China has spent nearly $100 billion in African projects over the last decade -- and Jane Goodall is not impressed.
In an interview with Agence France-Press published on Monday, the longtime animal rights activist who has spent most of her life on the continent, compared Chinese investment with old-school British colonialism.
“In Africa, China is merely doing what the colonialists did. They want raw materials for their economic growth, just as the colonialists were going into Africa and taking the natural resources, leaving people poorer,” she told AFP in an interview in Johannesburg.
Between 2000 and 2011, China spent more than $73 billion investing in natural resources, mines, oil wells and other projects in Africa, according to statistics from Aid Data and the Center for Global Development, complied by AFP in the map shown below.
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Many of the largest projects were oil-related. For instance, a $5.38 billion project in Nigeria that involved “infrastructure in exchange for preferential oil rights bidding,” or $4.04 billion spent in Mauritania for “oil exploration, sewage systems, iron mine and roads.”
Goodall, 80, first ventured to Africa in the 1950s. She soon began working with anthropologist Louis Leakey studying chimpanzees -- the beginning of decades’ worth of research in Tanzania.
Last year, Chinese foreign direct investment in Tanzania-based projects topped $1.5 billion, according to the China Global Investment Tracker, which uses data compiled by the Heritage Foundation.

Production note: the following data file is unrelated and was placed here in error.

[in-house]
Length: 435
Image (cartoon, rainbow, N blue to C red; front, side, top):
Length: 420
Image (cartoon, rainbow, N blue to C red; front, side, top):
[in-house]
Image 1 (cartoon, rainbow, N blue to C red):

The majority of projects, worth $4.4 billion, were in the energy sector, which typically means oil-related activities.
It’s a similar story in other countries, where mining and oil dominate Chinese projects. In Nigeria, for example, China invested $20.5 billion in 2013 -- $9.2 billion of which was in the energy sector.
Of course, economically speaking, it’s beneficial to both parties in theory. Chinese projects supply the country’s massive demand, and African countries benefit from jobs and stronger gross domestic product.
But it’s not always that simple, and Jane Goodall isn’t the only one who's not pleased.
Zambia saw $4 billion in Chinese investment last year -- $1.6 billion of which was in mining. But government officials have had a series of spats with foreign companies over their corporate practices.
In December, the Zambia Environmental Management Agency suspended the license of China’s Nonferrous Mining Corporation in the middle of an $832 million project. The agency alleges that the company failed to comply with certain contractual conditions, like setting up a “conflict resolution system” with locals, or taking inventory of all households affected by the project.
It’s not only legitimate business that’s making Goodall angry. She told AFP that Chinese demand supports an increased trade in illegal ivory and rhino horn, which means an increase in poaching.
Recent data from the Convention on International Trade in Endangered Species of Wild Fauna and Flora shows that more than 15,000 elephants were killed for their tusks in more than 27 African countries in 2012, “with the ivory mostly destined for China.”
The activist said that international pressure from other countries can be a force for good, citing recent destruction of tons of ivory in Beijing, and the government banning shark fin soup.
Goodall also runs youth programs with students around the world to help raise awareness about animal rights.
“We work with hundreds of Chinese children, and they are not different from children we work with here,” she said to AFP.
“They all love nature, they love animals, they want to help, there’s no difference because they’re Chinese,” she added.